Friday, May 29, 2015

Recommended!: The General (1926)

The San Francisco Silent Film Festival is in full swing thru Monday. We've only taken in one program so far, but we've already seen: a Maurice Tourneur short film spun from a Grand Guignol play (in collaboration with key members of that theatre company); numerous filmed accounts of the sinking of the RMS Lusitania, with eyewitness accounts given stirring, heart-rending voice by actor Paul McGann; restored Technicolor footage shot at La Cuesta Encantada, aka Hearst Castle; and a look at the process by which the long-lost 1916 Sherlock Holmes (the first film of the character, played by famed actor/Writer William Gillette) was restored, prior to the North American premiere of the revival on Sunday (which we mentioned on the blog a couple of months back).

The program spoke to the diversity of silent filmmaking. Even without the accompanying, sometimes heroic, stories of these movies' rediscoveries the movies themselves are engrossing narratives in their own right. And since we're all about connecting online cineastes with excellent, new-to-them movies it seems right to talk about some of the silent movies available on line. And the first movie that came to mind was Buster Keaton's The General.

The Civil War-era story is a simple one, casting Keaton as Johnny, a good-hearted train engineer from the South who must cross enemy lines to save both his favorite girl and his beloved locomotive from Union soldiers. The love story is gently, sometimes movingly, played, and the photography is deeply evocative of the Civil War time period.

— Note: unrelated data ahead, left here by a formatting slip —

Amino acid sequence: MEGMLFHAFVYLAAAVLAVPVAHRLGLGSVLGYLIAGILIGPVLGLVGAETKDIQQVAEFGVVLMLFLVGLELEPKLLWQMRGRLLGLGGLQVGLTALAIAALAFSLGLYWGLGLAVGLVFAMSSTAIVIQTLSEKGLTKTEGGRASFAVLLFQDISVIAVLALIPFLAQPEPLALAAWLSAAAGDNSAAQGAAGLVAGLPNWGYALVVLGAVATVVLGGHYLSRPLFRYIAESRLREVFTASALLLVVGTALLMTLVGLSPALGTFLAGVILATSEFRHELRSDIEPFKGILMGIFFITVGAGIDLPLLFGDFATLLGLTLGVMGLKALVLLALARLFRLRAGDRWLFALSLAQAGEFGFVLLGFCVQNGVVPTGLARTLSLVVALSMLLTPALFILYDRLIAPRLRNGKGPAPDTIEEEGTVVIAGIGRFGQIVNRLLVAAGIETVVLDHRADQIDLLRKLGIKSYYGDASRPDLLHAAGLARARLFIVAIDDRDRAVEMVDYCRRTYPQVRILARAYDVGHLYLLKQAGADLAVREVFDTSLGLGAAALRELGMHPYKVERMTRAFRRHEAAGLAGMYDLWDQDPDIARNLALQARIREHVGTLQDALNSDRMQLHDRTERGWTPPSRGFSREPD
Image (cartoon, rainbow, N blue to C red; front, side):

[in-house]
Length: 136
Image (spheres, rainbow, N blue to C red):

And dear Lord, the stunts. Decades before Mad Max or Bullitt, Keaton was starring in some of the most spectacular stunts ever captured on film, usually planning and directing them before stepping into frame (and into very real danger). Keaton's just status as a legendary comedian often overshadows the real risk he took executing these scenes (also incredible is his ability to retain his famous stone face even as hilarity and danger unfolded themselves around him). And Keaton and collaborators (including co-director Clyde Bruckman) seem to have listed out every single calamity that can befall a train engineer, and plotted each calamity into this movie (the climactic crash turned out to be the single most expensive stunt of the silent era). Watching Keaton piloting his engine along rubble-strewn tracks, clearing obstacles while dodging attacks from Union defenders, one often gets too caught up in the action to wonder just how the hell he's pulling it off. And that question lingers in the afterglow of the movie, adding to its considerable charms.

For this and other reasons, The General lingers happily in the mind, whether one can entirely believe what they saw or not. It's engaging, entertaining, and accessible even to audiences who might not think they "get" silent movies (and it's easy to find all over the place on line - don't be put off by the wrong movie description on the Jaman page for it, though we're working on that). It's a great place to start for newcomers to silent cinema, and to those for whom classic cinema is well-trod territory it feels like coming home.

Tuesday, May 26, 2015

Rohan: Within Tomorrowland

(We were off thru Memorial Day, but happily goodbuddy Rohan Morbey caught Tomorrowland opening night, and shared his review to fill the weekend gap. His original review can be found as always over at Rohan's site Closing Credits - do follow him on Twitter!)   

The world’s ending, it’s all our fault and Disney want you to know about it. But first let’s have a fun time at the cinema, buy the merchandise and check out the theme park before the cities crumble. It’s this hypocrisy which pulls director Brad Bird’s Tomorrowland in one direction only to push it into another; resulting in a film which, though fun at times, never feels anywhere as genuine as it needs to be.